2000 years ago today, the greatest Roman emperor that Rome never had was allegedly assassinated. The Roman general Germanicus was heir to his adopted father Emperor Tiberius. As a famous general, and a member of the Julio-Claudian dynasty, he was widely popular and regarded as the ideal Roman long after his death. To the Roman people, Germanicus was the Roman equivalent of Alexander the Great due to the nature of his death at a young age, his virtuous character, his dashing physique, and his military renown.While in the eastern provinces, he came into conflict with the governor of Syria, Gnaeus Calpurnia Piso. During their feud, Germanicus became ill in Antioch, where he died on 10 October 19 CE, at only 33 years of age. His death has been attributed to poison by ancient sources, but that was never proven. Seutonius relates that he had “dark stains” covering his body and “foam on his lips,” which he seemed to suggest was poison. Supposedly, after Germanicus’ cremation, his heart had been found intact among the charred remains – “a heart steeped in poison is supposedly proof against fire.” This is of course nonsense by modern scientific standards
Germanicus’ death aroused much speculation, with several sources blaming Piso, acting under orders from Emperor Tiberius. This was never proven, and Piso later died while facing trial. Intriguingly, once Piso had died, the investigation into the assassination of the next Roman emperor stopped. There has never been identified a definitive assassin of Germanicus.
Tacitus says Tiberius was involved in a conspiracy against Germanicus, and Tiberius’s jealousy and fear of his nephew’s popularity and increasing power was the true motive. Suetonius went on to write: “According to the general verdict, Tiberius craftily arranged Germanicus’ death with Gnaeus Piso as his intermediary and agent.” This is unlikely as following Germanicus’ campaigns in Germany, he was given command of the eastern provinces – a sure sign he was intended to rule.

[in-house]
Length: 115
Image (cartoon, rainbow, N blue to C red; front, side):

What is more likely is that Sejanus, the son of Tiberius’ first Praetorian Prefect Strabo and now leader of the Praetorian Guard in Rome, had a hand in Germanicus’ death. The ever ambitious Sejanus may have wanted to eliminate Germanicus because he believed that he himself could one day be emperor. It is highly unlikely that Tiberius and Sejanus worked in collusion, as a few years later Sejanus was behind the murder of Tiberius’ son, Drusus. The style of Drusus’ murder was similar to his cousin and adopted-brother Germanicus’ and would not have happened if Tiberius was implicated in Germanicus’ death.
Perhaps one of the oldest of cold cases may be solved with the discovery of the ‘Memoirs of Agrippina’, written by his daughter Agrippina the Younger. We know the ‘Memoirs of Agrippina’ once existed as they were referred to in the writings of the Roman historian, Tacitus, as well as mentioned by Pliny the Younger, however there are no extant versions that survived beyond antiquity. We can only hope.
RIP, Germanicus Julius Caesar.
Nicholas Poussin, The Death of Germanicus (1628), oil painting. Collection Minneapolis Institute of Arts.